Emerging markets more attractive, says asset manager Vanguard

Asset manager's chief sees more opportunities for growth than in the developed world

PUBLISHED : Monday, 31 March, 2014, 5:27am
UPDATED : Monday, 31 March, 2014, 5:27am

Vanguard chief executive Bill McNabb says emerging markets are looking more attractive than developed markets right now despite the shadow of a potential economic slowdown, giving investors a buying opportunity.

"The best predictor for future returns is what the valuation of the market is. I think investors who have fled some of the emerging market actually aren't paying enough attention to the valuation of those markets. They actually look quite attractive versus the developed world right now," McNabb, Vanguard's global chief executive and chairman, told the South China Morning Post.

"When you look at the capital outflows from Asia, I think people are equating slower GDP [gross domestic product] growth with lower market returns, which is not a good way to invest as the two have very low correlations," McNabb said.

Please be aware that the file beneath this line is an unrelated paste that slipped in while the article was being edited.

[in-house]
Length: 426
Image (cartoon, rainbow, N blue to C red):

I would not say the US market is overvalued, but it's certainly fully valued
Bill McNabb, Vanguard

Vanguard is one of the world's biggest asset managers, overseeing US$2.75 trillion in total assets as of the end of last year. It now runs the world's largest emerging market fund, Vanguard FTSE Emerging Markets ETF, which has 22 per cent exposure to mainland China, 14 per cent to Taiwan and 12.5 per cent to Brazil.

The MSCI Emerging Markets Index lost 5 per cent last year, compared with a 24 per cent gain for the MSCI World Index of developed-country equities, as money left the region.

"The average valuation over the past 25 years in emerging markets is around 15 times earnings, compared with 11.9 today. This is a good starting point [to catch up]. I would not expect returns to be better than normal, but I would expect a slightly below average return," McNabb said.

"Even if the top-line growth is not as great as it has been historically, if they can squeeze more margins out of the slower growth, you would still have a chance for the market to go up in a reasonable way," he said.

In comparison, McNabb said average returns on US stocks over the next decade will be more like 6 to 9 per cent, compared with 9 to 11 per cent in the past few years.

"Returns [in the US] are likely over the next decade to be lower than they have been. I actually think this is probably the truth of the developed markets in general," he said.

"It is mostly because we have been in a lower inflation environment in the US and secondly if you look at the valuation today, I would not say the US market is overvalued, but it's certainly fully valued."

Speaking about China, he said he expects the mainland's GDP growth to stay at 7.5 per cent over the coming years. Vanguard is looking to become a provider of the Mandatory Provident Fund pension scheme, he said.